Our daughter had never been to a church before and was full of awe, confusion and questions about what on earth was going on. In hindsight I maybe should have prepped her about what we were about to see but to be honest, I was more focused on the ouzo-infused after party than the event itself. As we sat in the hot and ornately decorated church (the walls are covered in gold, stained glass, pictures of haloed saints, complex imagery and oh, did I mention gold?), she asked me “Why is that man singing? What are they putting on the boy’s head? Why are they putting oil on his head? Why are there candles? Why do I have to be quiet? Why is the boy wearing that hat?” I am afraid I didn’t have many good answers for her. I couldn’t explain those things to an adult, let alone a three-year-old.
I explained that this was a church and that some people believe in God and they go to church. She knows that we don’t believe in God – that’s about as far as the conversation has gotten. When she asked me “Why do some people believe in God?” I sat there, baffled for a minute. “Because it makes them feel good honey. Just like you have pink blanky.”
She was happy with that and I realized, some of the tough questions really can be answered that simply.
I was interested to read some of the comments to my recent post On a Mission. I thought my approach was very tempered and a good way to open a dialogue. Nothing feels less comfortable to me than never addressing a major issue. I know there are times to address it and ways to approach things respectfully and lightly but never? Never, ever? That just feels wrong. So while I appreciate the idea that I should just leave things alone and the sentiment behind it, that ain’t me. I feel too strongly about this to just sit back and watch someone I care about become a morg. :)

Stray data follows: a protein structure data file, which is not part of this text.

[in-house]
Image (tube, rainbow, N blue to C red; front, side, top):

The good news is, I got a great response from my BIL. I didn’t really think he would take it badly but I guess you never really know until you try. I won’t repeat verbatim what he wrote because I feel like that would be bad form but basically he agreed with me that credit should be given to doctors, technology, science etc. but that crediting God is also important because for many, it really is their faith that keeps them going. Fair enough I suppose.
He maintains that he has seen prayer at work (and gave me an example of a woman in his mission who has been trying to get pregnant and only a week after receiving a priesthood blessing, found out she was expecting. Oh, and the missionary correctly predicted it would be a girl) and that it is the greatest outward expression of inner faith. He wasn’t the least bit offended and so I am happy that I have started a discussion at the very least.